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Bears back struggling QB Grossman

The Chicago Bears lined up to support Rex Grossman after another shaky performance by their young quarterback. "He's our quarterback," Pro Bowl center Olin Kreutz said.

LAKE FOREST, Ill. (Nov. 27, 2006) -- The Chicago Bears lined up to support Rex Grossman after another shaky performance by their young quarterback.

"He's our quarterback," Pro Bowl center Olin Kreutz said. "I mean, we're not like trying to convince everybody that he is a good quarterback. He is a good quarterback."

Grossman's turnovers have come in waves and often detracted from the team's 9-2 start. He threw three more interceptions -- running his season total to 14 -- and fumbled at the 5-yard line on a botched snap exchange with Kreutz in a 17-13 loss to the New England Patriots.

Coach Lovie Smith reiterated that Grossman was still his No. 1 quarterback, and several of the Bears echoed those sentiments.

"Five games into the year, everybody was talking about him as the MVP of the league," Kreutz said.

But in the last six games, there have been several poor outings, prompting critics to wonder if an erratic Grossman -- who can also look sharp at times with his strong arm -- can lead the Bears to a championship. Or, if they would be better served by turning to veteran Brian Griese, who's thrown eight passes all season.

Grossman committed six turnovers in a one-point win at Arizona on Oct. 16 and four more in a 31-13 loss to Miami on Nov. 5.

In Week 12 he was under pressure from the Patriots, who sacked him just once but hit him nine other times.

"He hasn't dipped, we've all dipped on offense," Kreutz said. "So the way I try to get back is I try to get the ball up to him and then we try to block for him better. So you know, it's not just Rex."

After Grossman fumbled the snap in the second quarter, he tried to retrieve the ball and had his hand stepped on. He was seen pouring water on it and shaking it on the sideline, but Smith said that had no bearing on his play. Grossman finished 15-of-34 for 176 yards.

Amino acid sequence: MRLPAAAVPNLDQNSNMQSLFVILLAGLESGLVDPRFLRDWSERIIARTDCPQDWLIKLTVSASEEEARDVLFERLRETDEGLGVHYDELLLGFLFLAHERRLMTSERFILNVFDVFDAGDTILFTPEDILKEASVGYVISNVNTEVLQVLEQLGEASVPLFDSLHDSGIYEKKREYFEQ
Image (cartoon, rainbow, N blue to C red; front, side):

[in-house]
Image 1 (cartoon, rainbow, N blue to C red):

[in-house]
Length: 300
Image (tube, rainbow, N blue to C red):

"He was able to finish. It wasn't a factor at all," Smith said.

Grossman's mistakes came on a day when the Bears' defense forced five turnovers, but Chicago was denied a sweep of its tough three-game East Coast road trip. The Bears had beaten the Giants and the Jets to start the swing.

And despite Grossman's struggles, the Bears are poised to win the NFC North. They'll clinch the division and a playoff berth by beating Minnesota on Dec. 3, coupled with one loss by the Packers.

They're also in a strong position to finish with the best record in the NFC -- they haven't lost to a conference opponent this season -- and their final five games are against NFC teams with losing records. That would mean a first-round bye and home-field advantage throughout the playoffs.

"I think we now see the good things that we've done and some of the bad things that we need to clean up and now is the time to do that. You do want to play your best football now and that's what I think we'll do," Smith said.

But can Grossman do that, as well? It's a big question facing the Bears. And once they get in the postseason, can he be a winning quarterback in that type of pressure situation?

"Yeah, why not?" asked veteran guard Ruben Brown. "We all have to win the playoffs, it's not all on him. He's the leader, he's our quarterback, but we have to help him, we're his assistants. You're only as good as the people around you, and we have to step it up as much as he has to step it up."

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